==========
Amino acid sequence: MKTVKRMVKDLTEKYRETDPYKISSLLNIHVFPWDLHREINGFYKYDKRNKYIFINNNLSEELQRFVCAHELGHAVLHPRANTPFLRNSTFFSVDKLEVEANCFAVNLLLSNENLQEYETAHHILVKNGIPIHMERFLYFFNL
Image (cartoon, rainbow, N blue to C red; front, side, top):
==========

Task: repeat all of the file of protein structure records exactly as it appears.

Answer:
Amino acid sequence: MKTVKRMVKDLTEKYRETDPYKISSLLNIHVFPWDLHREINGFYKYDKRNKYIFINNNLSEELQRFVCAHELGHAVLHPRANTPFLRNSTFFSVDKLEVEANCFAVNLLLSNENLQEYETAHHILVKNGIPIHMERFLYFFNL
Image (cartoon, rainbow, N blue to C red; front, side, top):